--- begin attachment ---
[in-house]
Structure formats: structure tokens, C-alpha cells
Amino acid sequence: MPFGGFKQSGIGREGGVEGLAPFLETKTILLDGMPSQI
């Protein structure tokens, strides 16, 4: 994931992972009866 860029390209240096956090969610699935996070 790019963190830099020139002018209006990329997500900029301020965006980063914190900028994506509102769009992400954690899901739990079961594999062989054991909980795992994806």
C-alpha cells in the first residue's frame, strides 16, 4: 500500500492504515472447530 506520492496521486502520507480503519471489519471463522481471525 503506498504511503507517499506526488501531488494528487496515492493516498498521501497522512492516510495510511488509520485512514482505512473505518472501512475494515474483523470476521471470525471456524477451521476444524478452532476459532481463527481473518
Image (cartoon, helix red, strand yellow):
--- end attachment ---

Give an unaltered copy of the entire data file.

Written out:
[in-house]
Structure formats: structure tokens, C-alpha cells
Amino acid sequence: MPFGGFKQSGIGREGGVEGLAPFLETKTILLDGMPSQI
């Protein structure tokens, strides 16, 4: 994931992972009866 860029390209240096956090969610699935996070 790019963190830099020139002018209006990329997500900029301020965006980063914190900028994506509102769009992400954690899901739990079961594999062989054991909980795992994806």
C-alpha cells in the first residue's frame, strides 16, 4: 500500500492504515472447530 506520492496521486502520507480503519471489519471463522481471525 503506498504511503507517499506526488501531488494528487496515492493516498498521501497522512492516510495510511488509520485512514482505512473505518472501512475494515474483523470476521471470525471456524477451521476444524478452532476459532481463527481473518
Image (cartoon, helix red, strand yellow):